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Dutch elm disease
Dutch elm disease is a fungal disease of elm trees, originally native to Asia. It has been accidentally introduced into America and Europe, where it has devastated native populations of elms which had not had the opportunity to evolve resistance to the disease. The name 'Dutch' refers to the first scientific discovery and study of the disease in the Netherlands.
The causative agent is the fungus Ophiostoma ulmi, spread by a bark beetle as the vector for infection. The fungus blocks the water conducting vessels within the tree; the first symptom of infection is usually an upper branch of the tree with leaves starting to wither and yellow in summer, months before the normal autumnal leaf shedding. This progressively spreads to the rest of the tree, with further dieback of branches. Eventually, the roots die, starved of nutrients from the leaves.
Often, not all the roots die: the roots may put up small suckers. These may grow up for some years into small elm trees, but after a decade or so the new trunks become large enough to support the bark beetles, and with their inevitable arrival the fungus returns, and the new tree dies.
Dutch Elm disease in Europe
Dutch Elm disease was first noticed in the Netherlands in about 1920, and spread slowly, reaching Britain in 1927. This first strain was a relatively mild one, which only killed a small proportion of elms, more often just killing scattered branches. In about 1967, a new, far more virulent strain arrived in Britain on a shipment of Rock Elm logs from North America, and this strain proved both highly contagious and lethal to all of the European native elms. By 1990-2000, very few mature elms were left in Britain or much of northern Europe. One of the most distinctive English countryside trees the English Elm (see e.g. John Constable's painting The Hay Wain) is particularly susceptible. Thirty years after the epidemic, the magnificent specimen trees are long gone. The elms often still hang on in hedgerows, as the roots are not killed and send up root sprouts ("suckers"). However, these suckers rarely reach more than 5 m tall before succumbing to a new attack of the fungus.
Dutch Elm disease in the United States
The disease was first reported in the United States in 1926, with the beetles believed to have arrived in a shipment of furniture. The disease spread slowly from New England westward and southward, reaching the Chicago area by 1960 and Minneapolis by 1970.
The first fungicide used for treatment of Dutch Elm Disease was Lignasan BLP (carbendazim phosphate), which was introduced in the 1970s. This had to be injected into the base of the tree using specialized equipment, and was never especially effective. It is still sold under the name "Elm Fungicide". Arbotect (thiabendazole hypophosphite) became available some years later, and is somewhat more effective. Either product must be injected every year or two to provide ongoing control; the disease generally cannot be eradicated once a tree is infected.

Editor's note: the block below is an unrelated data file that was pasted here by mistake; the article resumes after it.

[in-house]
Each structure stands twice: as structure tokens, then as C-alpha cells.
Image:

Alamo (propiconazole) has become available more recently and shows some promise.
Treatment of diseased trees is costly and at best will prolong the life of the tree, perhaps by as many as five or ten years. It is usually only justified when a tree has unusual symbolic value or occupies a particularly important place in the landscape.
Research to select resistant cultivars and varieties has been underway since the disease became endemic in the U.S. Early efforts involved the hybridization of the Chinese Elm with the American Elm, and produced a resistant tree that lacked the beauty, traditional shape, and landscape value of the American Elm. Few were planted.
Three major groups of resistant cultivars are commercially available now:
- The Princeton Elm, a cultivar selected in the 1920s for its landscape value. By happy coincidence, the trees exhibit moderate resistance to DED. Because mature trees planted in the 1920s still remain, the properties of the mature plant are well known.
- The Liberty Elm, a set of five cultivars produced through selection over several generations starting in the 1970s. Marketed as a single variety, nurseries selling the "Liberty Elm" actually distribute the five cultivars at random. Two of the cultivars are covered by patents.
- The Valley Forge elm, and some related cultivars, have been shown to have the highest resistance to DED in controlled tests.
Even resistant cultivars can become infected, particularly if the tree is under stress from drought and other environmental conditions, and if the disease pressure is high. With the exception of the Princeton Elm, no trees have yet been grown to maturity. The oldest liberty elm was planted in about 1980, and the trees cannot be said to be mature until they have reached an age of sixty years.
Possible earlier occurrences
- There is something wrong with elm trees. In the early part of this summer, not long after the leaves were fairly out upon them, here and there a branch appeared as if it had been touched with red-hot iron and burnt up, all the leaves withered and browned on the boughs. First one tree was thus affected, then another, then a third, till, looking round the fields, it seemed as if every fourth or fifth tree had thus been burnt. [...] Upon mentioning this I found that it had been noticed in elm avenues and groups a hundred miles distant, so that it is not a local circumstance.
This suggestion remains largely speculative, and there is no proof that it was caused by a fungus related to Dutch Elm Disease.
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